Carotid Artery Stenosis Treatment

By Dr Ananya Mandal, MD

Carotid artery stenosis refers to a narrowing of the arteries that carry blood to the brain from the heart. Also called carotid artery disease, the condition reduces the supply of blood to the brain, which is a major risk factor for stroke or a transient ischemic attack (TIA or mini-stroke).

The lumen of the carotid artery narrows in a condition called atherosclerosis which refers to the build up of fatty deposits or plaques on the inside of the arteries. These plaques can harden and thicken the arterial wall which loses the usual elastic recoil that occurs as blood pulses through it.

Depending on the severity of symptoms, the treatment approaches to carotid artery stenosis range from lifestyle modification through to surgery.

Lifestyle changes

Smokers are at a higher risk of atherosclerosis. Current smokers need to quit in order to reduce their risk of developing or worsening carotid artery stenosis.

A healthy and balanced diet should be maintained. The diet should be low in fat and salt to minimize the risk of raised blood pressure or cholesterol levels. Diabetics should also follow a diet that is designed to keep their blood sugar under control.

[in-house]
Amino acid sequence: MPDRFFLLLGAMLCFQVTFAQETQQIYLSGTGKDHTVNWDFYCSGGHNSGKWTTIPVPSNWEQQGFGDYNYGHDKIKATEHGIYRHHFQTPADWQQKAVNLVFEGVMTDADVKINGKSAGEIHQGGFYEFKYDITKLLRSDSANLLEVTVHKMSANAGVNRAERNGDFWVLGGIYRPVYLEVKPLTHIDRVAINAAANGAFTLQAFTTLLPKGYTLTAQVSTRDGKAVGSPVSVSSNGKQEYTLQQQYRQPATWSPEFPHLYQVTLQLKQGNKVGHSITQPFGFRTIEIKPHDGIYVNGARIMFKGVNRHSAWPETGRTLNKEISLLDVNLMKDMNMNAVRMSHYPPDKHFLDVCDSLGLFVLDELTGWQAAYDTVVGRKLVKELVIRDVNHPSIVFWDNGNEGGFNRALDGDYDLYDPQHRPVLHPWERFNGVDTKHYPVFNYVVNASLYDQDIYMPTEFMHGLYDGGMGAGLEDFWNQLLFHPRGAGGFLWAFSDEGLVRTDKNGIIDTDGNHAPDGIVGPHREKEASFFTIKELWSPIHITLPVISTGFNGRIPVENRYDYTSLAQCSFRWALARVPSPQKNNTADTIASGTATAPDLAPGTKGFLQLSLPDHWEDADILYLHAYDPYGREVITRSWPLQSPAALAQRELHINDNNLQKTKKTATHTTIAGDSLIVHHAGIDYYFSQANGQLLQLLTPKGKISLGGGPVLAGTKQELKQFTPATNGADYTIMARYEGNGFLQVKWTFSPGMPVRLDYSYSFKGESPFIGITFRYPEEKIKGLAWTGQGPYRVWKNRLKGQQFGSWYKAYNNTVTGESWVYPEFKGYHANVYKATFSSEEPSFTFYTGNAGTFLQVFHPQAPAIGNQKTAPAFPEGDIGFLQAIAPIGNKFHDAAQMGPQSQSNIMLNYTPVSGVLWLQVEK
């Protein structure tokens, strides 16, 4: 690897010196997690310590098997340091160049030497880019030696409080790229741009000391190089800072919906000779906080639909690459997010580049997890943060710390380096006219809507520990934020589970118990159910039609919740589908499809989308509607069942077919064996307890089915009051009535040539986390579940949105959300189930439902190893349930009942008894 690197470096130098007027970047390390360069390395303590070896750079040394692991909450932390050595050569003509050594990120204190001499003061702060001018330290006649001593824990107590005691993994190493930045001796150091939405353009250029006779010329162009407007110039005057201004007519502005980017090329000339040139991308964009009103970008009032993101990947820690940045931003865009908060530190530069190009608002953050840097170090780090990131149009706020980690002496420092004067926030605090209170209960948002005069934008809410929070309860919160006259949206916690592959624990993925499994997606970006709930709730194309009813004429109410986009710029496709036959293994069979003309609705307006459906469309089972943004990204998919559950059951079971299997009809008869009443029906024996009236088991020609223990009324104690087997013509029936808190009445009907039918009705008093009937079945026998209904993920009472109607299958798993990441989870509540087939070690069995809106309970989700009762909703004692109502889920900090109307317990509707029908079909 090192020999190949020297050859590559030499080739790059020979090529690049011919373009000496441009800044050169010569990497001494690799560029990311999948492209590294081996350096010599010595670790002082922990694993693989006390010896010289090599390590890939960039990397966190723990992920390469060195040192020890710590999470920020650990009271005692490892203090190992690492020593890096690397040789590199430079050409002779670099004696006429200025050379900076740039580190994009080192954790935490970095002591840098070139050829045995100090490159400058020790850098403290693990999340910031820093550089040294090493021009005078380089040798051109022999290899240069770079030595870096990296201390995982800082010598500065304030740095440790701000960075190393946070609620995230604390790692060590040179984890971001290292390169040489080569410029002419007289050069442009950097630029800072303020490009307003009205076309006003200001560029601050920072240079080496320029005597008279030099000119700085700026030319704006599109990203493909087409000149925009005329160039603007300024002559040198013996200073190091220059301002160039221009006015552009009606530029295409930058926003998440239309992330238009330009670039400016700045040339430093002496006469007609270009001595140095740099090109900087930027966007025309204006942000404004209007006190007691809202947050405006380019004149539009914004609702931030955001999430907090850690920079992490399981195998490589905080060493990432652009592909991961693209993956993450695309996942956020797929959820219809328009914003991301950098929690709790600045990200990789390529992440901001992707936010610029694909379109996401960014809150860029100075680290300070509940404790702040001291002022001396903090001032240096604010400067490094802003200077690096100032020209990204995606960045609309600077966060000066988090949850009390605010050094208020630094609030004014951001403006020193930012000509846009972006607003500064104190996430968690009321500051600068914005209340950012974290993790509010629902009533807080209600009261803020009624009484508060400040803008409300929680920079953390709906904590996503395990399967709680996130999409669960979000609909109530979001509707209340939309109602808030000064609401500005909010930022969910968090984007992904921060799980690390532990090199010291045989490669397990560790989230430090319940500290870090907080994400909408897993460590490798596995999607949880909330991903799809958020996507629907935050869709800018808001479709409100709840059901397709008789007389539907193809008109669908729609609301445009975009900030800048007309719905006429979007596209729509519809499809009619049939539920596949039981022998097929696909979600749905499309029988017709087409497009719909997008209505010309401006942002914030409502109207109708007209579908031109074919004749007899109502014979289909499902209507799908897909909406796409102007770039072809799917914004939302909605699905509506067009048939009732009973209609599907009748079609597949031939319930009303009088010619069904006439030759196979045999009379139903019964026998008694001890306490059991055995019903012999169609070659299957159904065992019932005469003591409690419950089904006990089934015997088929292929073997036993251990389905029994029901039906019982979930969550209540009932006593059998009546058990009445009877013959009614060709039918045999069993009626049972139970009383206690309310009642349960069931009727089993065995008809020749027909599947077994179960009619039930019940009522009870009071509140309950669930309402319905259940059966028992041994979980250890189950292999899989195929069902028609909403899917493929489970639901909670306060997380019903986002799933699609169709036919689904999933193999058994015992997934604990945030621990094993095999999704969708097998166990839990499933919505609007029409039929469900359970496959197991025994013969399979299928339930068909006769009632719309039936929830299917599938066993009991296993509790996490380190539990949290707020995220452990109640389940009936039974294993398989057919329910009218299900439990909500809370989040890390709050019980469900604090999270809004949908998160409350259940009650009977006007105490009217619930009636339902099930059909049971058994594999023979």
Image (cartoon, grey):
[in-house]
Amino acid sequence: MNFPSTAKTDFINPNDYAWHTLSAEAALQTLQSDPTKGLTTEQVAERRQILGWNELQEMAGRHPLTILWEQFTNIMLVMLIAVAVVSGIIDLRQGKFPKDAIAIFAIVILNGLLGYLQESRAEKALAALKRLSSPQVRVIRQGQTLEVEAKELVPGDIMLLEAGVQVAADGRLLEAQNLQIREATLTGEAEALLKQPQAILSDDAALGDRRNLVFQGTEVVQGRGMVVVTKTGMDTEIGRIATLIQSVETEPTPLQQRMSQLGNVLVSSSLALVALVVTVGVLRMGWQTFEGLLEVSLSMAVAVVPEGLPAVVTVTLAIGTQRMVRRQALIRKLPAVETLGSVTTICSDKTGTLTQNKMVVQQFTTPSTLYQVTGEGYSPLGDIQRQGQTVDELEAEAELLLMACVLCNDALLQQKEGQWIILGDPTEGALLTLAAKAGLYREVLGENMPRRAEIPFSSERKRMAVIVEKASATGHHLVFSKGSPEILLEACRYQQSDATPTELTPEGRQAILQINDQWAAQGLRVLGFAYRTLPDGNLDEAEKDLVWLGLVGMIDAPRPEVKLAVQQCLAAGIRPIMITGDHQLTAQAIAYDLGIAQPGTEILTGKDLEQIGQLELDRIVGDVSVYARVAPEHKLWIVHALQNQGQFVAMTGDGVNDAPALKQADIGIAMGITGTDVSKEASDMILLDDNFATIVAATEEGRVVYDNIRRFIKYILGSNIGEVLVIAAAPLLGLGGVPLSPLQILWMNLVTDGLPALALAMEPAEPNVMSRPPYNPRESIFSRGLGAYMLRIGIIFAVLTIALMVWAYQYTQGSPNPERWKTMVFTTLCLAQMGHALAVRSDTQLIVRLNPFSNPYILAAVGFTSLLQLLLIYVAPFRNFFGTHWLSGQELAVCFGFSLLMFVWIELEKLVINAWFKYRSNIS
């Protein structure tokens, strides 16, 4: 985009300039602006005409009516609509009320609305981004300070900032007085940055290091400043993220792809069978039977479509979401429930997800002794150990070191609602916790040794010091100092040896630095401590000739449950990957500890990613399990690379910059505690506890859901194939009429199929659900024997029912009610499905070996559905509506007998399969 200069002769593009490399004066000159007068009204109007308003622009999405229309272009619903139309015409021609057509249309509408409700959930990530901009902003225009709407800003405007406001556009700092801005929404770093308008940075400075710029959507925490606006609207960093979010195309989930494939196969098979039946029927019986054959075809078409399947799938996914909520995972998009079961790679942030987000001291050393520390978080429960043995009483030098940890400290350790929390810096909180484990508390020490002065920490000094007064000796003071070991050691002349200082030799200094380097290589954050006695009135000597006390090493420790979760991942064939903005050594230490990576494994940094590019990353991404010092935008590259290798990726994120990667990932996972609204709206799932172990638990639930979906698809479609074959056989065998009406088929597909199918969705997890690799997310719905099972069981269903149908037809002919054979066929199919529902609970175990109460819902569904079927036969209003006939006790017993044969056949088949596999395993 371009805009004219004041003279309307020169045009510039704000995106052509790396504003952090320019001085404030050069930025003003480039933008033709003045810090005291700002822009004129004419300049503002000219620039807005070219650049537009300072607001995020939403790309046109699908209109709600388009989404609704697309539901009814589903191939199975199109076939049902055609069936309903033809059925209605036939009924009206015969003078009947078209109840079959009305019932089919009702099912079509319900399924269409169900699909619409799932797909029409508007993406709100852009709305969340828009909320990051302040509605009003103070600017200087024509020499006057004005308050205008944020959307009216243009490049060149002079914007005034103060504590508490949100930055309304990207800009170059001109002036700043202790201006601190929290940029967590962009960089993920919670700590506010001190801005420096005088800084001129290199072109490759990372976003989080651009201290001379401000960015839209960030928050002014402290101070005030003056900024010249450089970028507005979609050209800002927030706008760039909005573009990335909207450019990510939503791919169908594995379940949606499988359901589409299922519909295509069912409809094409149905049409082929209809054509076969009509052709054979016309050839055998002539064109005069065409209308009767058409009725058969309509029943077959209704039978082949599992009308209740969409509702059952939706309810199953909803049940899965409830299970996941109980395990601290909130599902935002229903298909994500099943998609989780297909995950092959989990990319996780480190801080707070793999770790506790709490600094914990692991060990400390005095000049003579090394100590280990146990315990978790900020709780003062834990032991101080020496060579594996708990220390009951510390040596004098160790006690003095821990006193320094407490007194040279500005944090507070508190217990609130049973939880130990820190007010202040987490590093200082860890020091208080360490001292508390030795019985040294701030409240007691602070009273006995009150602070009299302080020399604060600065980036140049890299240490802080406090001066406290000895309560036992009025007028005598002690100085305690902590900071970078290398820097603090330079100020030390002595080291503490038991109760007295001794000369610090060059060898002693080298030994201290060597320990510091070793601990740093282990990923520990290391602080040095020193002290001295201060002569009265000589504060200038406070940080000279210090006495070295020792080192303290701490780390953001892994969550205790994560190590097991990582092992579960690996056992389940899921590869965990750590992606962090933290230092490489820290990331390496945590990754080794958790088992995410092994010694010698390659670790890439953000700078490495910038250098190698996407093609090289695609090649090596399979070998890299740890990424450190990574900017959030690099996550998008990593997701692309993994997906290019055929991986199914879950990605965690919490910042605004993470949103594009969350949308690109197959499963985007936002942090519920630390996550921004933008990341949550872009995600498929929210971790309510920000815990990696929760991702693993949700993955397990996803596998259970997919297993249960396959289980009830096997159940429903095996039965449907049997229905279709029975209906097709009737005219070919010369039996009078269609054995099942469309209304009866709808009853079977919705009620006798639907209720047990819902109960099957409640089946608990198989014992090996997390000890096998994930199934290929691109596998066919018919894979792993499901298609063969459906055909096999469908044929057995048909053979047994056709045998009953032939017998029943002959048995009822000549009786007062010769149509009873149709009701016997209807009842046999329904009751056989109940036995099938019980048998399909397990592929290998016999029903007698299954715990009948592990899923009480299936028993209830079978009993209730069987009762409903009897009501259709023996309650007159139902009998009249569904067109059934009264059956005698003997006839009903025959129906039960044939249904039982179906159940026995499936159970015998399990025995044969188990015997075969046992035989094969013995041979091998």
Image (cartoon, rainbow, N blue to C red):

High blood pressure raises the risk of carotid artery stenosis but often does not present with symptoms. Individuals should have their blood pressure checked regularly and start treatment early if it needs to be reduced.

Regular physical exercise should be carried out to maintain a healthy body weight.

Medications

Several medications are prescribed in the treatment of carotid artery stenosis, although none of these provide a cure for the condition.

Anticoagulant medications or blood thinners such as warfarin are used to prevent the formation of a clot. Anti-platelet medications such as aspirin and clopidogrel are also used to prevent stroke.

Cholesterol-lowering medications such as atorvastatin, rosuvastatin and simvastatin are used to control blood cholesterol levels. Drugs in the fibrate family gemofibrosil and fenofibrate may also be prescribed.

Angiotensin-converting enzyme inhibitors such as enalapril, captopril, and lisinopril help to relax the blood vessels, easing the vascular blood flow and decreasing blood pressure.

Surgical procedures

In more severe cases, surgery may be required to open the artery and remove the plaque. Another surgical procedure is carotid angioplasty and stent insertion. For this surgery, a small balloon is inserted into the artery and inflated to widen the narrowing and a mesh stent inserted to keep the artery open for proper blood flow.

Reviewed by , BSc

Further Reading

Last Updated: Apr 14, 2014

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